First, police killed the 12-year-old black boy at a park, barely bringing the car to a halt before jumping out to open fire. Then, minutes later, they pinned his 14-year-old sister to the ground after she ran up to see about her wounded sibling. Next, a media outlet dragged his parents’ names through the mud, implying that their unrelated brushes with the law made them at least somewhat culpable for their child’s death. And on Monday, the Cuyahoga County prosecutor’s office announced that Timothy Loehmann, the Cleveland police officer who killed Tamir Rice last year, would face no state criminal charges.
It is the end to—or at least a turning point in—a story that is both heartbreaking and stomach-turning: An onlooker calls 911 to report that he sees someone pointing a gun at people in a park. Two critical caveats the caller passes on to 911—that the gun is probably a fake and that the person holding it is probably a juvenile—never make it from the 911 call center to the police who rush onto the scene. (It was and he was.) A New York Times report from early this year explains what happened next:
Within two seconds of the car’s arrival, Officer Loehmann shot Tamir in the abdomen from point-blank range, raising doubts that he could have warned the boy three times to raise his hands, as the police later claimed. And when Tamir’s 14-year-old sister came running up minutes later, the officers, who are white, tackled her to the ground and put her in handcuffs, intensifying later public outrage about the boy’s death. When his distraught mother arrived, the officers also threatened to arrest her unless she calmed down, the mother, Samaria Rice, said.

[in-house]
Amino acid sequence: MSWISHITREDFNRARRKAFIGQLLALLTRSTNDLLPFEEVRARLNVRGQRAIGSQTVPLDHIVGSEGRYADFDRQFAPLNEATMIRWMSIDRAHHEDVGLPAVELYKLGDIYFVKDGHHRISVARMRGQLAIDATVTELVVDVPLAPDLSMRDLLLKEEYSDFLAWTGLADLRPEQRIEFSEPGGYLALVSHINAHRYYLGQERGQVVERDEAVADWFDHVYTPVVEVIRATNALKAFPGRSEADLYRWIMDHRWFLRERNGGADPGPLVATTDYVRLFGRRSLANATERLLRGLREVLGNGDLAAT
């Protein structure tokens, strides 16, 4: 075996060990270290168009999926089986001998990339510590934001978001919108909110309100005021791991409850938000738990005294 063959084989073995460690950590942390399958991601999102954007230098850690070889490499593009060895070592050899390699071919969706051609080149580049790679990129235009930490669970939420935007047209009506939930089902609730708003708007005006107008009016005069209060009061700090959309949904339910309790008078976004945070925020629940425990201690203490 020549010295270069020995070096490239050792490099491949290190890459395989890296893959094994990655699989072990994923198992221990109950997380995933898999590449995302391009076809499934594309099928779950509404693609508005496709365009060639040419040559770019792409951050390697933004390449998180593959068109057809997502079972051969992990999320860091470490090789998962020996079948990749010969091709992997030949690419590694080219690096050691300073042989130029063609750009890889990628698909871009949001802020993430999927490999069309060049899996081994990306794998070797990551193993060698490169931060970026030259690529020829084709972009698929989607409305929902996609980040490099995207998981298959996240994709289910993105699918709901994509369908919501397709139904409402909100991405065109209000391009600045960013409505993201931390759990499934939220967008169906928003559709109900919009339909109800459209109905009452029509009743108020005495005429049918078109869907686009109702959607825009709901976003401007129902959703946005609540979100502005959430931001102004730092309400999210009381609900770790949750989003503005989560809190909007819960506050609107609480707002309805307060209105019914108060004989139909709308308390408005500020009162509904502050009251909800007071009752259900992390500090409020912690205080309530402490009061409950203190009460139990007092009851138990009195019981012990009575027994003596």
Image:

They shot the boy within two seconds of arriving. What could they have possibly surmised in those two seconds? What might actual police work have looked like, and what were the steps that would have allowed Rice, newly in possession of a toy gun, to have lived through this encounter?
As we know from media reports out of Cleveland, there was no reason to expect that Loemann would or could take appropriate action in that moment. In 2012, the police department that he worked for in Independence, Ohio, noted that he was “distracted” and “weepy” during firearms training. The deputy chief of police there reported that Loehmann “could not follow simple directions, could not communicate clear thoughts nor recollections, and his handgun performance was dismal.” That same supervisor wrote, “I do not believe time, nor training, will be able to change or correct the deficiencies.” Loehmann resigned after six months on that force, but went on in March of 2014 to join the Cleveland Police Department, which did not review his file from Independence. He scored the new position after failing to secure a job with police departments in Akron, Euclid, and Parma Heights or with the Cuyahoga County Sheriff’s Department.